NEWPORT NEWS, Va. – As the community struggles to come to terms with this incident, News 3 reporter Kelsey Jones talked with mental health experts about how to address this school shooting with kids.
Parents at Richneck Elementary School in Newport News are still dealing with their confusion after police say a 6-year-old shot a teacher in a classroom. The events have now left parents struggling with their own emotions and trying to find the right ways to speak with their children.
“How a 6-year-old can obtain a weapon, firearm let alone use it, it’s just unfathomable,” said Joy McManus, Mom’s Demand Action chapter leader.
McManus is a mother and teacher who is still wrapping her head around this tragic situation.
“This one in particular just feels so close to home. It feels so hard to understand that were now getting to the fact that the youngest of our students is involved with gun violence,” said McManus.
Friday, the unimaginable happened at Richneck Elementary, where according to police a 6-year-old student shot Abby Zwernera teacher at the school. According to police, the student is in custody.
Saturday afternoon, News 3 learned from police that Zwerner is now in stable condition. This situation is now prompting mental health experts to weigh in on the psychological impacts this shooting may have on students and staff.
“School age children especially so young process trauma differently than adults. They’re grieving in a sense because the normalcy of their experience has now changed,” said Dr. Sarah Williams, a licensed psychotherapist.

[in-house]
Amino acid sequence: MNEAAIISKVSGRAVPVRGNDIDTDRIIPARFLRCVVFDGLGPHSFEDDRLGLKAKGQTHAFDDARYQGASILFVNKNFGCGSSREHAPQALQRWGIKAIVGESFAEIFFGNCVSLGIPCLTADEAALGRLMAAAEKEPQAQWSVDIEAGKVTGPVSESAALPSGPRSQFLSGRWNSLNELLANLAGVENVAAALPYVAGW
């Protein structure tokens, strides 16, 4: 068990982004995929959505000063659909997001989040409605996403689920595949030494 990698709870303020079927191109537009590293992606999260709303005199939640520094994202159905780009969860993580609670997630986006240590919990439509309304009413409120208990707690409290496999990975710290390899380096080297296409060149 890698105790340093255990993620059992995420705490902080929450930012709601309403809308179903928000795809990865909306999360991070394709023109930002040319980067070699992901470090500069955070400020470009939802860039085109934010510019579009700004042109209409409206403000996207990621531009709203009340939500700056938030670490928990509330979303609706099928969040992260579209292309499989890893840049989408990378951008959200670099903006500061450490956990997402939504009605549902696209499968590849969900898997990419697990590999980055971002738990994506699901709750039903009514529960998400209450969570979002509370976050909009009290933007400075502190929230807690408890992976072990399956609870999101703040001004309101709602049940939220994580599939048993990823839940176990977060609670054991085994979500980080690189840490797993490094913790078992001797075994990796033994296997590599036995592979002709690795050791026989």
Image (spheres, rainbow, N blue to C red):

Our reporter Kelsey Jones asked Dr. Williams, “Is a 6-year-old even able to comprehend the severity of this shooting?”
“I would say this is without meeting the child, I would have a very hard time as a professional thinking that this child can truly the process the gravity of their actions,” said Dr. Williams.
Dr. Williams said this shooting involving a 6-year-old is a case like no other. She’s recommending parents to encourage their children share their feelings.
“It wouldn’t surprise me that it would take months or years for the impact of this trauma to truly settle in for those individuals,” said Dr. Williams.
She also said parents should have a conversation at home about gun violence to help them process what they experienced.
“We make assumptions that our children our innocent and they don’t know and if we have conversations, we will be surprised at what they pick up,” said Dr. Williams.
This situation is raising many questions, including how does a 6-year-old get their hands on a gun and know how to use it? Mental health experts tell News 3 they believe video games could play a factor.
If you’re seeking mental health resources, you can visit Dr. William’s website and you can find resources on how to talk to kids after school shootings from the National Child Traumatic Stress Network here.